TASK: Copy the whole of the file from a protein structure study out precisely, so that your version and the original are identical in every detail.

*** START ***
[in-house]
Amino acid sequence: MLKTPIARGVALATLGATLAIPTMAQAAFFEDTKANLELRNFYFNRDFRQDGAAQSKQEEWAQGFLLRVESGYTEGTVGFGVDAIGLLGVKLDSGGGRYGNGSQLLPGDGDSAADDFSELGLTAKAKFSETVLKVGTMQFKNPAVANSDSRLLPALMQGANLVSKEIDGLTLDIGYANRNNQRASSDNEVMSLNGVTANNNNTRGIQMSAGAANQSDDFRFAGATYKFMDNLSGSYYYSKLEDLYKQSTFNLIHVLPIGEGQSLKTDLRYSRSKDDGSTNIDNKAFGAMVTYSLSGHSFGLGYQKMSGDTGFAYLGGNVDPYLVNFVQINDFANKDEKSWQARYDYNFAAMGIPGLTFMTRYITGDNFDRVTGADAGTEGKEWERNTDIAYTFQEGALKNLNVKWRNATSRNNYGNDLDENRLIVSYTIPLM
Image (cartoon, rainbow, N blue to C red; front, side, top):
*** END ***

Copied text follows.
[in-house]
Amino acid sequence: MLKTPIARGVALATLGATLAIPTMAQAAFFEDTKANLELRNFYFNRDFRQDGAAQSKQEEWAQGFLLRVESGYTEGTVGFGVDAIGLLGVKLDSGGGRYGNGSQLLPGDGDSAADDFSELGLTAKAKFSETVLKVGTMQFKNPAVANSDSRLLPALMQGANLVSKEIDGLTLDIGYANRNNQRASSDNEVMSLNGVTANNNNTRGIQMSAGAANQSDDFRFAGATYKFMDNLSGSYYYSKLEDLYKQSTFNLIHVLPIGEGQSLKTDLRYSRSKDDGSTNIDNKAFGAMVTYSLSGHSFGLGYQKMSGDTGFAYLGGNVDPYLVNFVQINDFANKDEKSWQARYDYNFAAMGIPGLTFMTRYITGDNFDRVTGADAGTEGKEWERNTDIAYTFQEGALKNLNVKWRNATSRNNYGNDLDENRLIVSYTIPLM
Image (cartoon, rainbow, N blue to C red; front, side, top):